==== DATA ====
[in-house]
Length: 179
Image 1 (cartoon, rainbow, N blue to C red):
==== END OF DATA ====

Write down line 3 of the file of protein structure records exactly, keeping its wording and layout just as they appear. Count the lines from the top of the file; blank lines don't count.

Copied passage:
Image 1 (cartoon, rainbow, N blue to C red):